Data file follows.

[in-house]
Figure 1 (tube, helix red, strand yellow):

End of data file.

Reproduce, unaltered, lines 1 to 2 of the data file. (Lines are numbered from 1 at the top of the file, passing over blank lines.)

[in-house]
Figure 1 (tube, helix red, strand yellow):